Worker Allowed To Bring Claim Against Employer For Intentional Infliction of Emotional Distress
The plaintiff was a plumber employed by the Cuyahoga Metropolitan Housing Authority who was arrested for alleged theft of gasoline. The Housing Authority had conducted an investigation into the improper use of gasoline credit cards and had concluded that thirteen employees were guilty of improperly using the cards. The Housing Authority called a meeting of its 200 employees and after the employees had all gathered, the suspected employees were arrested, handcuffed, and led away by police as an example to the other employees.
Charges against the plaintiff were later dismissed. He was re-instated in his job after an arbitrator found that there was no evidence that he had stolen gasoline.
The plaintiff brought a lawsuit against the Housing Authority claiming negligent infliction of emotional distress, intentional infliction of emotional distress, abuse of process, and negligent misidentification. The Housing Authority filed a motion to be dismissed claiming that it was immune as a political subdivision. The trial court dismissed the negligent infliction of emotional distress claim, but ruled that the other claims could proceed to trial. The court of appeals affirmed the decision.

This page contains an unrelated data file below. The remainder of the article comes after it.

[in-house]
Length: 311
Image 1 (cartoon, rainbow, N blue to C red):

The Housing Authority was a political subdivision entitled to many immunities. However, the immunity statute specifically states that it does not apply to any claims arising out of the employment relationship. R.C. 2744.09(B). The court concluded that these charges and the incident staged in front of all of the co-employees arose out of the employment relationship and the claims were not barred by any immunity.
The entire case can be found at this link.